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52 A gap analysis of evaluated evidence-based interventions to reduce sexual assaults on college campuses using the haddon matrix
  1. Maryanne Bailey1,
  2. Patricia Mahoney1,
  3. Colby Gabel2,
  4. Andrea Gielen1
  1. 1US Johns Hopkins Centre for Injury Research and Policy
  2. 2US Johns Hopkins Bloomberg School of Public Health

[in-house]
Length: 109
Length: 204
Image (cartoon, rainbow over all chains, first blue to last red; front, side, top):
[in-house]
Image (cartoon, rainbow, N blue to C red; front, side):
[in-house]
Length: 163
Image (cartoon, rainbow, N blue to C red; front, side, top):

One in five undergraduate women have reported experiencing sexual assault since entering college. This study aimed to: 1) review the literature on evaluated interventions addressing sexual assault on college campuses, 2) provide an analysis of this literature using the Haddon Matrix as an organising framework, and 3) identify gaps in the evidence and opportunities for research and practice. A systematic literature review was conducted in October 2016 using Pubmed, PsycINFO, and SCOPUS. Included studies were published in a peer-reviewed journal between January 2001 and September 2016, used an experimental or quasi-experimental design, were conducted with English speaking college undergraduate students in the US and reported on sexual assault, sexual violence, and/or rape experiences, knowledge, beliefs, and behaviours. Full text articles were reviewed, coded and categorised in the Haddon Phase-Factor Matrix. 194 abstracts were initially identified. After removing duplicates, 170 were reviewed for potential inclusion, and 29 articles were included. 21 studies were RCTs, 8 were quasi-experimental designs. Interventions varied across the studies, although many (n=14) involved bystander interventions. Most interventions were categorised as addressing the host (victim/potential victim) and the social environment (bystanders), and across all phases (pre-event, event, and post-event) of an assault. Impacts were typically assessed by self-report measures administered before the program and at least at one follow up point. Most studies reported a statistically significant change in at least one outcome measure, such as decreased rape myth acceptance and increased bystander efficacy and intentions. Few evaluated interventions were identified in the peer-reviewed literature. Few focused on the agent (perpetrator), and none addressed the physical environment (e.g., presence of security). These results can be used by professionals working to reduce sexual assault on college campuses to draw from the evidence about what works. A number of conceptual and practical gaps for future research are identified.

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